Don’t look behind those sand dunes for your summer romance

July 21, 2019

Ah, yes. We can hardly let the summer go by without thoughts of that classic, the summer romance. Songs have been written about it, poets have lauded it, and young men and women have dreamt about it.

And there is something about the beach that lends itself to hand-holding, sharing intimate moments and that age-old cry, “Run for your life,” upon waking up next to someone you don’t know after a night on the town.

The problem today, though, is that no one really knows what romance is anymore. Oh, sure, we’ve had our obvious definitions displayed in the past.  You know, couples strolling arm in arm, a quick peck on the cheek and sharing food off each other’s plates. And that’s just amongst the dog community.

I suppose romance changed when the personal ads came out and started the movement to really put it out there in terms of what the ideal date would entail. No longer were we willing to settle for the blind date. It became the age of all or nothing. The personal ads were not only specific, but downright equal.

As an example, “Single male seeks any female who can bake cakes, likes Road & Track, must be able to do 20 loads of wash a day and stir up a mean tuna noodle casserole. My interests are of the quiet variety, and I am currently pursuing a legal career specializing in appeals. Send photo and note to the Kansas State Prison, Cell Block D.” 

Then we took a giant leap from personals to internet dating apps. You really don’t have to meet anyone at the beach and get all sandy; you can start the process for that summer romance either by fax or photocopy machine at the nearest pharmacy.

But here again, people ran into problems. In filling out the profiles for online dating services, it became obvious that a great many candidates couldn’t pass a lie detector test if it was administrated by their own mother. 

And you can forget about a recent picture. Unless you were into high school yearbook poses from the ‘50s, you would have to photoshop or at least airbrush all kinds of stuff onto the image, little things like a head of hair, a set of teeth and gums that looked like they weren’t bought at the local variety store. So once again, we are faced with the definition of romance and how do we get there today.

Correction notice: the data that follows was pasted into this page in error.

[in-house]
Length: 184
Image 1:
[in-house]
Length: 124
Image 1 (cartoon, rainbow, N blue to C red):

Now, some observers will tell you that the summer romance almost always involves the popular happy hour at the local bar. This might have been true back when, but today the image is of pouring an ounce of liquor into someone’s belly button as they’re stretched out on the bar, while “Proud Mary” plays in the background. 

Unfortunately, the chance you take is that guys you meet in bars suffer from short-term memory loss the next day. It’s scientifically explained that after downing a case of beer, the brain resembles most of the shredded documents left by a hurried politician called before a Senate hearing.

It’s true that guys are often seen leaving the bar with their new love interest, a coat rack or part of an air conditioner, mistakenly believed to be a woman, just too shy to talk a lot, but it’s all pretty harmless and chalked up to a lesson learned.

Romance in bars year ago was more accurate and predictable. Guys told you they were airline pilots, bought you a bunch of drinks with little umbrellas and then went into a complete catatonic state. Women were either pretend stewardesses or actresses. You could be sure, though, that everyone lived with their parents and could be found at the nearest bowling alley on a Saturday night in the winter months.

The summer romance is still ripe around here, though.  And it’s just the beginning. I saw a gal the other day holding hands with the back pockets of the guy’s jeans. She was deep in thought; I could tell by the way her short shorts were unzipped and hanging off her hips like a bit of laundry flapping in the breeze on a clothesline. 

Perhaps the old song by Patti Page, singing of sand dunes and salty air, will just have to bring back those memories of summer romance. Ah, never mind, I don’t want to know what’s behind those sand dunes, now that I think about it.

  • Nancy Katz has a degree in creative writing and is the author of the book, "Notes from the Beach." She has written the column Around Town for the Cape Gazette for twenty years. Her style is satirical and deals with all aspects of living in a resort area on Delmarva.

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